How can I be better at divorce than I was at marriage
1) If you don’t end it well, you may jeopardize the new relationship you can have for the future, if you are co-parenting.
2) If you don’t do this with integrity and respect, you could potentially hurt your partner’s feelings, which could mean they may want to hurt yours in order to find closure for the divorce. The process could drag on for a lifetime. Neither of you will find emotional satisfaction and you may be unequipped then to provide for your children.
3) Some partners who feel disrespected may create more chaos in the divorce, complicating the legal process and dragging it on, making your financial pressures greater for both of you now and in the future.
1) Be clear. Make sure you are clear that you want to end the marriage. If you have not tried to go to counseling, let your partner know that you are not interested in pursuing continued therapy. If you want to try one more time, be specific about what you will or will not do. For instance, if you are willing to try six sessions, stay with the treatment for the whole six hours.
2) Set boundaries. Try to maintain a “light and polite” relationship, avoid personal discussions where sharing feelings may trigger arguments.
3) Make amends. Tell them you are sorry for hurting them, leading them on, or getting them into this mess in the first place.
4) Show empathy. Try to relate to how they are feeling, and take responsibility for your part in the marriage ending in this way.
5) Admit Ambivalence. Make it clear to them that you have to end the relationship, although you may have regrets and even second thoughts at times.
6) Thank them. If you feel it, thank them for all that they have shared with you. Appreciate what you have gotten from the marriage from one another. Don’t let a divorce lead you to rewrite the whole history of your years together. There were many good parts along the way.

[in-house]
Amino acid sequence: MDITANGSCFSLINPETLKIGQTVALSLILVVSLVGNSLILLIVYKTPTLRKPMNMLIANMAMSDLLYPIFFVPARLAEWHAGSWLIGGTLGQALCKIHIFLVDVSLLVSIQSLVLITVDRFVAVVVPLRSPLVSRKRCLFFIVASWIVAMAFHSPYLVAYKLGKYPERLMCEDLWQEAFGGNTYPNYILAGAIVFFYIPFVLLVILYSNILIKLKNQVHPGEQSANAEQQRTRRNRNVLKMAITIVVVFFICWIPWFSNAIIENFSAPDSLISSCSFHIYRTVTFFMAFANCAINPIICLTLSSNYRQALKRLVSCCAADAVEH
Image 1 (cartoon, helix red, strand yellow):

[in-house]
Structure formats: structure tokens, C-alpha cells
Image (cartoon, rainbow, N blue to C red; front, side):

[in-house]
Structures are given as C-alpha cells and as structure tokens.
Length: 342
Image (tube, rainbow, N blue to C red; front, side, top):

7) Share priorities. Let them know that you are working on an intentional divorce and that your relationship with your children is your priority. This will let your partner know that you are not setting out to devastate them legally, emotionally or financially.
8) Be patient. Your partner is still catching up. You are way ahead. Let them have their feelings ; you may have already had these same emotions and gotten past them and even healed long ago.
1) Grieve. You may have had a fantasy that the marriage would work out better than it did. You now have to grieve that possibility.
2) Guilt. The guilt and remorse over hurting your spouse may at times be very intense. Bringing all of yourself into your grief is actually the best way to move on with your future.
3) Vision. Sit down and think about what you want for your future. If you have children, create a vision together of what that would look like and what it will take to make it work.
4) Get Help. Most importantly, you can’t go through this alone. Get a therapist, find a support group. For more info on Imago Relationship Therapy, Intentional Divorce, Intensives or Retreats for Couples, or trainings for therapists, please go to www.drtammynelson.com.